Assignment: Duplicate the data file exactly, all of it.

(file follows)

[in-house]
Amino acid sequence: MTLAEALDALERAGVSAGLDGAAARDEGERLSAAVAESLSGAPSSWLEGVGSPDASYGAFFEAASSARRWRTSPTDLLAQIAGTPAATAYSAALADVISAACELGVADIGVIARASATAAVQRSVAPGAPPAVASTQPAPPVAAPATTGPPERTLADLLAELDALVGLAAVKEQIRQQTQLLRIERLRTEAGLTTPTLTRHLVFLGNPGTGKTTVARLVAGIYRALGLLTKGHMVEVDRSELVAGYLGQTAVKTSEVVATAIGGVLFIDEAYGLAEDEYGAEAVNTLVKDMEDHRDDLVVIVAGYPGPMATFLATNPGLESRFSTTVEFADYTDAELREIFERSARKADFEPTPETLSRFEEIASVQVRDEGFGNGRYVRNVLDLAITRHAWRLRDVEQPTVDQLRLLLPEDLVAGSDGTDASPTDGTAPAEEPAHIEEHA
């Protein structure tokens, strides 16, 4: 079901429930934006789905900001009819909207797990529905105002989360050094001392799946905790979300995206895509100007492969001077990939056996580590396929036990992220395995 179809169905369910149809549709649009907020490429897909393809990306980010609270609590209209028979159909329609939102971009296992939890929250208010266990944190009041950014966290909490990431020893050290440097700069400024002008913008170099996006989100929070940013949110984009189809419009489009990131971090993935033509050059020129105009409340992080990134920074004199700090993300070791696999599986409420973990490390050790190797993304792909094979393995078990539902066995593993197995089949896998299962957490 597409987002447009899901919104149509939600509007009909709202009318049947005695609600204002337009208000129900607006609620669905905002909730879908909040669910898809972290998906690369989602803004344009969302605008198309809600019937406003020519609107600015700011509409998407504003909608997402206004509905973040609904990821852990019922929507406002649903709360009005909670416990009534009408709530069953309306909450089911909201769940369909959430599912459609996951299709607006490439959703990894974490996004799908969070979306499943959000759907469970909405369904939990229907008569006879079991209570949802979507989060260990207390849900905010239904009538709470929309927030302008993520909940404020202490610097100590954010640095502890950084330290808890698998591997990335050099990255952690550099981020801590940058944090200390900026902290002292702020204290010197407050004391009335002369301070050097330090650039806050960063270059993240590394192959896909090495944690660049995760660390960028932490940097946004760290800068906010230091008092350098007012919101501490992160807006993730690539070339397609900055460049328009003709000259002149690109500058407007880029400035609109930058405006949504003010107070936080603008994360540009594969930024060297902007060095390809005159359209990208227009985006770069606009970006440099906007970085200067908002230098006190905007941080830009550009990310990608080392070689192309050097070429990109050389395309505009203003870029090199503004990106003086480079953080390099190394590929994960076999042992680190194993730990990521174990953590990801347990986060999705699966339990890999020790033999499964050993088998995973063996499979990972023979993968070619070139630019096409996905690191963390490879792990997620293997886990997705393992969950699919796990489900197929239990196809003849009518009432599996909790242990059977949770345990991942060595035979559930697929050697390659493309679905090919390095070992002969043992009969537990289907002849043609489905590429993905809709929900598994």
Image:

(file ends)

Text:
[in-house]
Amino acid sequence: MTLAEALDALERAGVSAGLDGAAARDEGERLSAAVAESLSGAPSSWLEGVGSPDASYGAFFEAASSARRWRTSPTDLLAQIAGTPAATAYSAALADVISAACELGVADIGVIARASATAAVQRSVAPGAPPAVASTQPAPPVAAPATTGPPERTLADLLAELDALVGLAAVKEQIRQQTQLLRIERLRTEAGLTTPTLTRHLVFLGNPGTGKTTVARLVAGIYRALGLLTKGHMVEVDRSELVAGYLGQTAVKTSEVVATAIGGVLFIDEAYGLAEDEYGAEAVNTLVKDMEDHRDDLVVIVAGYPGPMATFLATNPGLESRFSTTVEFADYTDAELREIFERSARKADFEPTPETLSRFEEIASVQVRDEGFGNGRYVRNVLDLAITRHAWRLRDVEQPTVDQLRLLLPEDLVAGSDGTDASPTDGTAPAEEPAHIEEHA
């Protein structure tokens, strides 16, 4: 079901429930934006789905900001009819909207797990529905105002989360050094001392799946905790979300995206895509100007492969001077990939056996580590396929036990992220395995 179809169905369910149809549709649009907020490429897909393809990306980010609270609590209209028979159909329609939102971009296992939890929250208010266990944190009041950014966290909490990431020893050290440097700069400024002008913008170099996006989100929070940013949110984009189809419009489009990131971090993935033509050059020129105009409340992080990134920074004199700090993300070791696999599986409420973990490390050790190797993304792909094979393995078990539902066995593993197995089949896998299962957490 597409987002447009899901919104149509939600509007009909709202009318049947005695609600204002337009208000129900607006609620669905905002909730879908909040669910898809972290998906690369989602803004344009969302605008198309809600019937406003020519609107600015700011509409998407504003909608997402206004509905973040609904990821852990019922929507406002649903709360009005909670416990009534009408709530069953309306909450089911909201769940369909959430599912459609996951299709607006490439959703990894974490996004799908969070979306499943959000759907469970909405369904939990229907008569006879079991209570949802979507989060260990207390849900905010239904009538709470929309927030302008993520909940404020202490610097100590954010640095502890950084330290808890698998591997990335050099990255952690550099981020801590940058944090200390900026902290002292702020204290010197407050004391009335002369301070050097330090650039806050960063270059993240590394192959896909090495944690660049995760660390960028932490940097946004760290800068906010230091008092350098007012919101501490992160807006993730690539070339397609900055460049328009003709000259002149690109500058407007880029400035609109930058405006949504003010107070936080603008994360540009594969930024060297902007060095390809005159359209990208227009985006770069606009970006440099906007970085200067908002230098006190905007941080830009550009990310990608080392070689192309050097070429990109050389395309505009203003870029090199503004990106003086480079953080390099190394590929994960076999042992680190194993730990990521174990953590990801347990986060999705699966339990890999020790033999499964050993088998995973063996499979990972023979993968070619070139630019096409996905690191963390490879792990997620293997886990997705393992969950699919796990489900197929239990196809003849009518009432599996909790242990059977949770345990991942060595035979559930697929050697390659493309679905090919390095070992002969043992009969537990289907002849043609489905590429993905809709929900598994």
Image: